This is how I know how terrible death is. Nothing can sugar coat it; nothing can stop the pain. But God, But God. But God……
God is the only One Who can. He died for each of us, two thousand years ago. He entered into our deaths, to give us life. Life eternally. Life abundantly. Life in the fullest.
Sean lived that full abundant life here on this earth. Sean is living the eternal life.
After Sean’s death, a friend of ours told us that their daughter was confirmed in their church, and the daughter shared that she was doing this in part, because Sean was all about faith and family, and that is what she wanted her life to be about as well.
Sean was all about faith and about family—and if you were his friend, you were a part of the family.
So– I thank God for the gift of Sean, for the gift of his life, and for the gift of eternal life!!
The first tulips have blossomed in my garden. I simply love Tulips!! I love going to the Tulip Festival in our State. I have been a frequent visitor for the past 7 years, except last year when it was cancelled due to Covid19.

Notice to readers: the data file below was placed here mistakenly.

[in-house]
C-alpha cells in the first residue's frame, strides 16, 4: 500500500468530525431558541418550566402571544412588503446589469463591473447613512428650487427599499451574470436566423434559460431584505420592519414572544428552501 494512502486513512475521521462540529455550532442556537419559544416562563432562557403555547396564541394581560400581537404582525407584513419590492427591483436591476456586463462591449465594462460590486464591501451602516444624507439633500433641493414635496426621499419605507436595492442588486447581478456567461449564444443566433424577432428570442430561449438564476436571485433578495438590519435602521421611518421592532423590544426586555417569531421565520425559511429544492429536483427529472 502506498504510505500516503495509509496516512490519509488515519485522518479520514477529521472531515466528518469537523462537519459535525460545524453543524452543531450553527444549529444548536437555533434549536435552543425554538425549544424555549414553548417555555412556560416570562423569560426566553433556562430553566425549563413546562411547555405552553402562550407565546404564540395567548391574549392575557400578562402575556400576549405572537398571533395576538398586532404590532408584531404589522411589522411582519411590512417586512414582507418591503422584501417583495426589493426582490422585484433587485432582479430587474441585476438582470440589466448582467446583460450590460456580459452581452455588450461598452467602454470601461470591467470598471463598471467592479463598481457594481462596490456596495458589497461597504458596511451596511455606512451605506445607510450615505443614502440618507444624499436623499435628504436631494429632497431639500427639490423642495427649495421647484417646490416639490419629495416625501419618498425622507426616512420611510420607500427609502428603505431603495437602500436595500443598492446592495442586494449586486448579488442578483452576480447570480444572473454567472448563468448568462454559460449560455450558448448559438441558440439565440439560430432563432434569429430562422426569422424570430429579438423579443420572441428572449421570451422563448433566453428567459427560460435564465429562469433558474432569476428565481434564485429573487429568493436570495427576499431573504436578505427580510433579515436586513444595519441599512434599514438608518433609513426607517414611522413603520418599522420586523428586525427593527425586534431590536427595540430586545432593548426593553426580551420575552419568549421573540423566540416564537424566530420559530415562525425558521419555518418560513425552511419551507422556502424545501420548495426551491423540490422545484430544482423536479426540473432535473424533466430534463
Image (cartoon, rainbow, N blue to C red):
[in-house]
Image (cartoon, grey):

The year after my son died, I took my mom, my daughters and a couple of their friends to The Tulip Festival. I had decided to be proactive in making time to “Do” little things with special people—to make memories. I was very aware that any day could be my last day on earth.
That is what happens when someone you love deeply– dies. You are very aware of how fragile life truly is, and you want to celebrate the gift of life. You want to celebrate the people you love. You want to take moments and celebrate.
Seeing the tulips come up reminds me of this memory and the resolve behind it—to seize the moment– to seize the day. You see, I had wanted to go to the Tulip Festival for many, many years, but the busyness of life made it just one more thing that got pushed out of the way.
After, my son died, I resolved that celebrating people and life would not get pushed away anymore.
I need to remind myself of this decision I made, and that is why I am writing this blog. The Tulips coming up have reminded me of my decision I made 7+ years ago, and the small act of celebrating love, in going to the Tulip Festival. Every day has its moments to think of someone else and love, serve, and listen.